1st Edition

Rethinking Disability and Human Rights Participation, Equality and Citizenship

Edited By Inger Marie Lid, Edward Steinfeld, Michael Rembis Copyright 2023
    188 Pages 9 B/W Illustrations
    by Routledge

    This book examines the role of disability in the right to political and social participation, an act of citizenship that many disabled people do not enjoy.

    The disability rights movement does not accept the use of disability to create limits on citizenship, which poses challenges for contemporary societies that will become ever greater as the science and technology of enhancing human abilities evolves. Comprised of eight chapters, three interludes, and a postscript written by leading scholars and disability rights activists, the book explores citizenship for people with disabilities from an interdisciplinary perspective using the United Nations Convention on the Rights of Persons with Disabilities (CRPD) as a point of departure and the concept of universal design as a strategy for actualizing full citizenship for all. Situating disability in its historical and cultural contexts, the authors offer directions for rethinking citizenship, including implications for access to the built environment, information and communication systems, education, work, community life and politics.

    This book will be of interest to all scholars and students working in disability studies, planning, architecture, public health, rehabilitation, social work, and education.

    Introduction: Rethinking citizenship and disability
    Inger Marie Lid, Edward Steinfeld, and Michael Rembis

    Part One

    Chapter One - Exploring the relationship between citizenship and universal design
    Inger Marie Lid

    Chapter Two - Veterans from Life: Rehabilitation as Compensation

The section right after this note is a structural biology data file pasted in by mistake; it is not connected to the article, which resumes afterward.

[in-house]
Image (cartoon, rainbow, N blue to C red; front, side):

Halvor Hanisch

    Interlude One - Life is possible
    Stig Langvad

    Chapter Three – Rethinking utopia: posthumanism, transhumanism, and disability
    Jan Grue

    Chapter Four - Mad Citizenship
    Michael Rembis

    Part Two

    Chapter Five - Conditions for religious citizenship for people with intellectual disabilities: Cases from Norway and Slovakia
    Dmitry Lukash and Anna Chalachanová

    Interlude Two – "Symbiotic citizenship" and a struggle for the right of life as frames for interpreting the 40-day disability protest in the Polish Parliament
    Natalia Pamula and Magda Szarota

    Chapter Six - The space of accessibility and universal design
    Edward Steinfeld

    Chapter Seven – Enabling equal citizenship: Responses from civil society
    Ingunn Moser and Inger Marie Lid

    Interlude Three - Global Disability Summit: How to realize "nothing without us"
    Gagan Chhabra

    Chapter Eight - Universal human rights and universal design for people with disabilities: Challenges and lessons from Sub-Saharan Africa
    Korydon Smith

    Postscript – Dialogue between Rosemarie Garland-Thomson and Inger Marie Lid
    Rosemarie Garland-Thomson and Inger Marie Lid


    Inger Marie Lid is a Professor of Public Health and Rehabilitation at VID Specialized University. Her research interests include ethics, citizenship, universal design accessibility, and Human Rights. Lid has authored and edited many books, chapters and articles. Recent publications include "The significance of relations. Rethinking autonomy in a disability perspective" in Lived Citizenship for Persons in Vulnerable Life Situations. Theories and Practices (Scandinavian University Press). She is currently engaged in research on inclusion in higher education.

    Edvard Steinfeld, Arch. D., is a SUNY Distinguished Professor of Architecture and Director of the Center for Inclusive Design and Environmental Access at the School of Architecture, University at Buffalo, State University of New York. His research interests include accessibility, universal design, and design for aging. He is currently engaged in research and public education on design for gender diversity

    Michael Rembis is the Director of the Center for Disability Studies and an Associate Professor in the Department of History at the University at Buffalo (SUNY). Rembis has authored or edited many books, articles, and book chapters. He is currently completing a book entitled, Writing Mad Lives - in the Age of the Asylum. He is the coeditor of The Oxford Handbook of Disability History.